A JUSTGIVING page has been set up to fund a bid to protect an ancient five-acre lake from a village development.

Concerns have been raised about the future of the Brantham Decoy Pond as plans for 288 new homes nearby would see surface run-off water fed through new ditches to the lake.

David Fisk has applied to have the lake listed as a protected monument in the National Heritage list for England but wants to fast track the application, which is set to cost about £2,000 or more.

He said: “This pond has stood the test of hundreds of years and never dries out or stagnates.

“It must therefore be fed by natural springs with a natural outfall.

“The level rarely changes so there is a natural balance.

“A proposal to use the pond for run-off water from a proposed housing estate would change the natural balance and cause considerable harm.

“Run-off water would contain contaminates from roads, roofs, parking areas and in the winter salt spread on the ground.

“Salt will destroy all lifeforms in the lake, which is home to a huge stock of carp, roach, rudd and perch.

“It is imperative that this ancient site of a decoy pond and the surrounding woodland be protected and preserved.”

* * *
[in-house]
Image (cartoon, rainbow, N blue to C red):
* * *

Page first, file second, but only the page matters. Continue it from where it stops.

If approved, an extension to the current Suffolk Coasts and Heaths area of outstanding natural beauty would cover the lake, but Mr Fisk said that protection is limited.

So far the justgiving page has raised more than £1,000.

A spokesman for Taylor Wimpey, the developer behind the new homes, said: “Following outline planning permission for the development from Babergh Mid Suffolk District Council in November 2016, we held significant consultations with Suffolk County Council, who acts as the lead local flood authority, regarding the drainage strategy for the site.

“As part of this, we carried out a full assessment of the existing drainage system, which includes the Decoy Pond.

“Following the assessment, the authority requested that a small part of the site still drain into the Decoy Pond to ensure the water level is maintained.

“The new strategy outlines that drainage entering the Decoy Pond will come from roofs and private driveways, and will be transported through open ditches to provide a level of treatment before entering the pond.”

The detailed development plans for the site were given the go-ahead in June.